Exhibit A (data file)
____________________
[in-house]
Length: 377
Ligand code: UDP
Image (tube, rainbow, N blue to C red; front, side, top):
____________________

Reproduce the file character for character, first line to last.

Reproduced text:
[in-house]
Length: 377
Ligand code: UDP
Image (tube, rainbow, N blue to C red; front, side, top):